One embodiment of the storage device array system is adapted to accommodate the situation in which the storage device whose data is being reconstructed on the spare storage device is in a failed state in which data can still be written to and read from the storage device but only with difficulty. For example, data may be read from the storage device but only if error recovery procedures are implemented. A storage device that is capable of these types of data transfers is hereinafter referred to as a failed/usable storage device. In this situation, the device for controlling the transfers of data between the storage device array and the host processor conducts write operations so that the reconstruction of data contained on the failed/usable drive onto the spare disk drive can proceed in a predetermined sequence. The reconstruction process generally proceeds in a defined sequence in which the locations of the data on the failed storage device that is currently being reconstructed on the spare storage device and the comparable location on the spare storage device are identified by a reconstruction boundary. Data on the failed drive that is in the sequence prior to the reconstruction boundary has, by definition, been reconstructed. Conversely, data on the failed drive located at a point in the sequence that is after the reconstruction boundary has not been reconstructed. The device for controlling data transfers conducts write operations in which data is to be written prior to the reconstruction boundary so that data destined for the failed/usable storage device is written to the spare storage device. (The data is written in the same manner when the storage device whose data is being reconstructed on the spare storage device is in a failed state in which it is unusable.) By writing this data to the spare storage device, the need to keep track of the location at which the data was written to the storage device array so that the data destined for the failed/usable disk drive can be, at some point, reconstructed on the spare drive is avoided. As a consequence, the write operation is supported during reconstruction in a manner that does not substantially extend the time for reconstruction, is relatively uncomplicated, and requires relatively little overhead.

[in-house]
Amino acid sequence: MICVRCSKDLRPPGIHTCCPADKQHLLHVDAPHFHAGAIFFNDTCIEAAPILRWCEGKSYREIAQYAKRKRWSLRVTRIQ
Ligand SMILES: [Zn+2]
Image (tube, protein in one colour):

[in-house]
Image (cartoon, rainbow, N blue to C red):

With respect to write operations in which data is written to the storage device array at a location after the reconstruction boundary, the device for controlling data transfers takes advantage of the failed/usable status and writes data to the failed/usable storage device. Consequently, when the reconstruction process takes place at the location where the write operation occurred, the data in the failed/usable drive is current and can be used to keep the reconstruction process going in the event that the other storage devices cannot be used to reconstruct the data in the failed/usable storage device. In one embodiment, the data in the failed/usable drive is copied to the spare drive when one or more of the other storage devices are incapable of providing the necessary information for reconstruction of data on the failed/ usable storage device.

To avoid keeping track of whether write operations occur prior to or after the reconstruction boundary during the reconstruction of the data on a failed/usable storage device, a further embodiment of the invention employs a device for controlling the transfers of data that writes identical data to both the failed/usable storage device and the spare storage device. Consequently, the benefits noted with respect to write data transfers prior to, and after, the reconstruction boundary and the further benefit of not having to determine whether the transfer was before or after the reconstruction boundary are realized. Preferably, the writing of identical data to both the failed/usable storage device and the spare storage device is accomplished substantially simultaneously. This avoids the situation in which data in the failed/usable storage device is not current and the aforementioned fault condition occurs. If this were the case, reconstruction could not proceed.